We sat down with Jeremy Travis, executive vice president of criminal justice, Kristin Bechtel, director of criminal justice research, Virginia Bersch, director of criminal justice, and Stuart Buck, vice president of research, to ask them a few questions about pretrial risk assessment.
What's happening in pretrial reform right now?
There’s a tremendous amount of momentum in the pretrial justice movement. The calls for change have spurred jurisdictions across the country to ask important questions such as, “Who is in our jails? Who is being released or detained before trial, and at what cost to individuals, families, and community safety? How should judges make decisions about pretrial liberty, and using what information?” These questions are being asked against the backdrop of strong evidence showing that many individuals charged with crimes, but presumed innocent, are spending time in jail awaiting trial because they can’t afford to pay money bail, often low amounts. The evidence also shows that many of them could be released with little risk that they wouldn’t return to court or would pose a threat to public safety. Finally, we have learned that pretrial detention can have serious negative consequences for their lives.
In short, this fundamental question of who should be detained and who should be released before trial has become the subject of a robust and unprecedented national movement. State legislatures are crafting legislation to reduce the reliance on money bail, provide for pretrial services, and create speedy trial provisions. Police, prosecutors, and public defenders are asking tough questions about how lower-level crimes are enforced and charged, and are weighing potential alternatives. One component of these reform initiatives—supported by the Laura and John Arnold Foundation—has been the introduction of risk assessments to guide judges in making the critical decisions on pretrial detention. This is an exciting time for the pretrial reform movement. We’re making great progress, but there’s a lot more work to be done.
Is that why LJAF decided to expand access to the PSA through the website?
Pretrial risk assessment is only one part of the broader reform efforts that Jeremy described, but it has played an important role. There’s a hunger for pretrial risk assessment because people recognize risk-based decision making as fundamentally fairer than the status quo in most jurisdictions. We’ve been contacted by more than 600 people working in the criminal justice system who have expressed interest in implementing the PSA. We’ve been able to establish partnerships with approximately 40 of them. We are excited that by launching the PSA website and partnering with a new National Provider organization, we will be able to expand the reach of the PSA to all jurisdictions considering risk assessment. The National Provider will help provide a range of technical assistance to jurisdictions around the country and will eventually operate the PSA website. It houses a robust suite of resources on risk assessment implementation, all of which have been created in collaboration with technical assistance providers, current PSA jurisdictions, and other leaders in pretrial reform. It reflects lessons learned, best practices, and up-to-date research, which will be refreshed continuously. We hope—and think—the field will find these resources helpful.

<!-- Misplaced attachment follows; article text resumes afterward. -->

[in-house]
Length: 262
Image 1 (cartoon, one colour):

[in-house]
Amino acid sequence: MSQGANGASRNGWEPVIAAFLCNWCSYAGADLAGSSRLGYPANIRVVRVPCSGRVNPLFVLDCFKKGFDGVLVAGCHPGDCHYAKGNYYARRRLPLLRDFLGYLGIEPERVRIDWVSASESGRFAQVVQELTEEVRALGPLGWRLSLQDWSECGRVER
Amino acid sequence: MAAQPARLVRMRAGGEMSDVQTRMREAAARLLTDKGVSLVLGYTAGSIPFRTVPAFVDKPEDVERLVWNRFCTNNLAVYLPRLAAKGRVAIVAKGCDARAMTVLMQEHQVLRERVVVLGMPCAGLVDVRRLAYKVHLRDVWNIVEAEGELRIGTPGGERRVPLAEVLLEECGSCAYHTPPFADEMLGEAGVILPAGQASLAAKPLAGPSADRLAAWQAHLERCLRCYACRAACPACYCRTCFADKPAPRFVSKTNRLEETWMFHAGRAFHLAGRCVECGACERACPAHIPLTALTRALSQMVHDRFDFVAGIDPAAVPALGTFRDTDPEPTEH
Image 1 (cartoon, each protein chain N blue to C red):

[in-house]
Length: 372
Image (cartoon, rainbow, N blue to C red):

What are the results from the research you’ve seen so far?
Early research findings on the PSA’s impact and the way judges and other pretrial stakeholders are using it are promising, but we want more data and more results. We recently issued an RFP calling for researchers to undertake a very robust research agenda and received a lot of great proposals. We formed a Pretrial Research Advisory Board to review those research proposals and the findings as they roll out. We are very excited about the Board—it’s an extraordinary group of practitioners, scholars, and policymakers who have a range of perspectives on pretrial risk assessment. They will add an objectivity and depth of experience to the research.
The agenda as we’ve laid it out looks at jail populations, release rates, pretrial recidivism, and court appearances before and after PSA implementation. We’re asking researchers to conduct validation studies that test for predictive accuracy and predictive bias, and we’re also going to be conducting at least one randomized controlled trial to find out to what extent use of the PSA leads to reductions in rates of failure to appear in court, new criminal activity, and new violent criminal activity.
We are committed to building the evidence base so jurisdictions are able to make the most informed decisions possible. As this evidence base is developed, we will share the findings to the national network of jurisdictions working with the National Provider. We are committed to using our findings to improve practice across the country.
There have been concerns that risk assessments perpetuate racial bias. Could the expansion of the PSA exacerbate this problem?
One of our foundational principles as a team and as individuals is a commitment to racial justice. We want to do everything possible to ensure the PSA does not perpetuate pre-existing biases that exist within the criminal justice system. That’s why a key component of the research RFP calls for thorough testing in that area. The research we have so far is promising. For example, independent researchers did a preliminary study of the PSA’s impact in Yakima County, Washington, and found that after PSA was put into place, Yakima County actually saw a reduction in racial disparities in its pretrial release rates. The release rate for white defendants remained the same, but increased for defendants who are Latino/Hispanic, African American, Asian, and Native American.